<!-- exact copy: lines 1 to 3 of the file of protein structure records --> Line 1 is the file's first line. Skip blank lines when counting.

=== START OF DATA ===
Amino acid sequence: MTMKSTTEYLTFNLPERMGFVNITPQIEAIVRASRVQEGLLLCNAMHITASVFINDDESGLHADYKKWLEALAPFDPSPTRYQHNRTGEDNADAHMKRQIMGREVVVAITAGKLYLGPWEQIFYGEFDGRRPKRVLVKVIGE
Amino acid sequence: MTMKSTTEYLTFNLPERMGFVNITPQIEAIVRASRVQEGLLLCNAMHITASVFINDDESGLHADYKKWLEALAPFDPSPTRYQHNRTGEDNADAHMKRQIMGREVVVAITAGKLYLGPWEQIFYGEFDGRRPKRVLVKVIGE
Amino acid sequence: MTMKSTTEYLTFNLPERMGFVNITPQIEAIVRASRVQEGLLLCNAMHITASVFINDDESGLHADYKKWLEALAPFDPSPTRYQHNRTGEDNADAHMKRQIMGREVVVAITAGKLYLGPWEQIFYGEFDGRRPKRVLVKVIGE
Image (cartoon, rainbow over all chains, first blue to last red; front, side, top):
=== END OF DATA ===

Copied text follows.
Amino acid sequence: MTMKSTTEYLTFNLPERMGFVNITPQIEAIVRASRVQEGLLLCNAMHITASVFINDDESGLHADYKKWLEALAPFDPSPTRYQHNRTGEDNADAHMKRQIMGREVVVAITAGKLYLGPWEQIFYGEFDGRRPKRVLVKVIGE
Amino acid sequence: MTMKSTTEYLTFNLPERMGFVNITPQIEAIVRASRVQEGLLLCNAMHITASVFINDDESGLHADYKKWLEALAPFDPSPTRYQHNRTGEDNADAHMKRQIMGREVVVAITAGKLYLGPWEQIFYGEFDGRRPKRVLVKVIGE
Amino acid sequence: MTMKSTTEYLTFNLPERMGFVNITPQIEAIVRASRVQEGLLLCNAMHITASVFINDDESGLHADYKKWLEALAPFDPSPTRYQHNRTGEDNADAHMKRQIMGREVVVAITAGKLYLGPWEQIFYGEFDGRRPKRVLVKVIGE